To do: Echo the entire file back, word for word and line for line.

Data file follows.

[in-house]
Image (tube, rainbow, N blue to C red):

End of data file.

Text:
[in-house]
Image (tube, rainbow, N blue to C red):